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Thailand: Banning Thaksin's Party, Testing Loyalties

4 MINS READMay 30, 2007 | 22:14 GMT
Summary
The Thai Constitutional Tribunal, Thailand's highest court, found the Thai Rak Thai Party (TRT) guilty of electoral fraud but acquitted the Democrat Party of all charges late May 30. TRT was found guilty of allowing its former leader, ousted Prime Minister Thaksin Shinawatra, to abuse elections as a "tool for monopolizing power." TRT will now be disbanded and all of its present and former executives will be banned from domestic politics for five years. The ruling means the loyalties of former Thaksin supporters bought off by the government finally will be put to the test.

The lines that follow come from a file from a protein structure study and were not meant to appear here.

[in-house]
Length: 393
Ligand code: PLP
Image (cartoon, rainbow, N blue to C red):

The Thai Constitutional Tribunal, Thailand's highest court, found the Thai Rak Thai Party (TRT) guilty of electoral fraud but acquitted the Democrat Party of all charges late May 30. TRT was found guilty of allowing its former leader, ousted Prime Minister Thaksin Shinawatra, to abuse Thailand's April 2006 election as a "tool for monopolizing power" — specifically for instigating the hiring and paying of smaller political parties to participate in the election. TRT now will be disbanded, and all of its present and former executives will be banned from domestic politics for five years. News of the Democrats' acquittal — and thus that some opposition politicians still will be allowed to participate in the political process — caused a surge at the Stock Exchange of Thailand. Overall, the decision marks a major milestone for the Thai government, military and economy. The decision to disband TRT was not a complete surprise, as this would have fundamentally undermined the legitimacy underlying the September 2006 coup led by the military ostensibly to purge Bangkok of its corrupt leadership. In the months since the coup, no successful corruption charge has been brought against Thaksin himself. Thus, finding his party innocent would have been as good as clearing Thaksin himself. The ruling's ban on all executives formerly or currently linked to TRT from December's elections had been less certain, however. In the last 24 hours, sources indicated that many expected key TRT figures considered less of a threat to the military regime will be allowed to pull together fragments of TRT-affiliated parties to compete against the Democrats in the elections. By not only dissolving the party but also making a clean sweep of all its executives — some of the richest and best-connected people in Thailand — the military-backed regime has called the TRT's bluff that it would stage a countercoup against the government. While dissolving the TRT does not guarantee elections will be held in December, sources indicate most Bangkok residents still want the government's election time line to proceed and for elections to take place. Consequently, most people in Bangkok do not want a new prime minister or a countercoup for fear of derailing the electoral process. Dissolving both top opposition parties would have raised serious concerns over the fairness of December's election. Banning just one party, however, reduced the likelihood that Bangkok citizens will rise up in protest. TRT has been trying for several months to rally the people of Bangkok for mass demonstrations against the government, but with little success. Little doubt exists that Chaturon Chaisang, leader of the now-disbanded TRT, will organize some kind of protest in response to the ruling, but he probably will not be able to generate the necessary numbers (probably comprising at least two to three times the 5,000-6,000 average turnout at recent rallies) to topple the government. To reach those numbers, demonstrators probably would have to be brought to the capital from Thaksin's traditional rural support base in northeastern Thailand. The government knows this, and has been mobilizing increasing numbers of troops nationwide to halt any mass movement toward Bangkok. On May 30 alone an additional 15,000 troops were mobilized to this end. More critically, sources have indicated that the government also started behind-the-scenes coordination several weeks ago with local power brokers (such as top politicians or businessmen) to forestall any organized transport of rural supporters to Bangkok for rallies. Now that TRT has been disbanded officially, the loyalties of any former Thaksin supporters bought off by the government finally will be put to the test. Whether stability prevails in Bangkok over the next week will depend on whether this purchase pays off for the government.

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